Zoom: Academy for Superheroes (2006)
Director: Peter Hewitt
No score soundtrack release
Snappy dialogue: "Wow, you got old" ... "I speak Greek not geek" ... "Pass the hand sanitiser please." ... "I'm not a vegetarian. It's a life choice." ... "Boy for a straight guy you're dramatic." ... "She blows!" Every one a, um, classic.
Music clip 1, 0'59"
(693Kb) [DVD menu music: mission music]
Music clip 2, 0'31" (368Kb) ['They're just a bunch of kids', ca.1'05'00"]
Music clip 3, 1'33" (1.06Mb) [End credits music]
Bad fat suits, nice but forgettable child actors, co-stars trying desperately to reboot their careers, simple but still mishandled plotting and jokeless script - it's all in a day's work for jobbing family movie frontman Tim Allen, who retreads burnt-out hero territory here, swapping Galaxy Quest space ship for sooper hero school. The best gag of the film is Courtney Cox, apparently able to fall over spontaneously and blow rainbows. Somehow an interesting lineup of older actors and a foolproof concept backed up with decent budget for special effects turns into a bearable family entertainment movie lacking in those frills and throwaway extras big film makers so often have to jettison in favour of pink dresses and multicoloured sets, bless em, like pacing, editing, entertaining dialogue, character... [Returns later] Not a bad film, it has plenty of decent ingredients, not least Cox and Chase gurning their best, but it lacks a sparkling script and energetic editing, which leaves it feeling flat.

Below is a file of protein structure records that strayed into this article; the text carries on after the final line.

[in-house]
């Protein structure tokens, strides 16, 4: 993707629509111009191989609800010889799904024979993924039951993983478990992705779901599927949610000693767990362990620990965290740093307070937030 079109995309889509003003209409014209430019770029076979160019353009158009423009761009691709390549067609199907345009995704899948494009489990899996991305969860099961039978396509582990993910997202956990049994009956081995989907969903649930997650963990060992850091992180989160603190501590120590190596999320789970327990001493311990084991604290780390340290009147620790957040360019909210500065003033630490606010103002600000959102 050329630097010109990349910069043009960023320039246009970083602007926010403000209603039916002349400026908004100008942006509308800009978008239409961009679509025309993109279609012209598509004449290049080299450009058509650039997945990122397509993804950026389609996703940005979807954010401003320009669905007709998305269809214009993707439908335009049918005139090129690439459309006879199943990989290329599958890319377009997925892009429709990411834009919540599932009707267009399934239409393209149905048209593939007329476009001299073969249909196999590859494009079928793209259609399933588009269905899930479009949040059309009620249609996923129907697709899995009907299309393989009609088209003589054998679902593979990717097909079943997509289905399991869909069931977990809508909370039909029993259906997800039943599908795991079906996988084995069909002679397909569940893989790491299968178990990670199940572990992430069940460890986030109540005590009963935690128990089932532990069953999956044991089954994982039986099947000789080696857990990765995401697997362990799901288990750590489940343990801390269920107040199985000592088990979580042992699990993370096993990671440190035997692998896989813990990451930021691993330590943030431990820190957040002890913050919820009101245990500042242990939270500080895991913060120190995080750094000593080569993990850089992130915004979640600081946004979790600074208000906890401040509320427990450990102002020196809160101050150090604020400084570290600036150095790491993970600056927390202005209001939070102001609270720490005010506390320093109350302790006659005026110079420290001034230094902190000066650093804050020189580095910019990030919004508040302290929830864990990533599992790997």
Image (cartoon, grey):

Never mind. This could so easily have been a great calling card for composer Chris Beck but from the start he is hamstrung by a pop song opener (not to mention the dreadfully stilted backstory dialogue) before his credits music (as heard in the DVD menu music), and somehow much of his scoring is rendered invisible by brief scene "gags" that need cartoonish underscore plus sting rather than a sustained romp. Some of the extended sequences where Beck could have brought his themes to the fore, such as a the self-reflection scene and training montage at at the crucial 50 minute mark, and the final battle, are lost to pop songs, mostly performed by Smash Mouth. The orchestral writing, though, is as seamless as ever, and the tightly heroic/action themes (all clips) Goldsmithian in their brassy boom. Thematically, though, he has trouble getting heard over the pop/editing hurdles, and the result is a perfectly workable score that hits all the right buttons (especially spicing up the fx gags and slapstick with post-Garfied aplomb) for the film rather than a truly memorable one you also want to take home with you, which is a pity because there is a very good CD release waiting the soundtrack label that can see past a box office bomb that was sued (albeit a might unfairly*) by 20th Century Fox for creative similarities to X-men.
Music by Christophe Beck
Music Editor - Richard Ford
Additional Music Editor - Rick Ziegler**
Conducted by Mike Nowak
Ortchestrations - Kevin Kleisch
Arrangements - Thomas Bergersen
Additional orchestrations - John Thomas, Rick Giovinazzo, Richard Bronskill, Andrew Kinney, Thomas Bergersen, Adam Blau
Orchestra contracted by Sande De Crescent
Music Preparation - Mark Graham
Score Mixer - Casey Stone
Pro Tools Operator - Kevin Globerman
Auricle Operator - Tanya Hill